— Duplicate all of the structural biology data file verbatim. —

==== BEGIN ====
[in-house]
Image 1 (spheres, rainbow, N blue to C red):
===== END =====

[in-house]
Image 1 (spheres, rainbow, N blue to C red):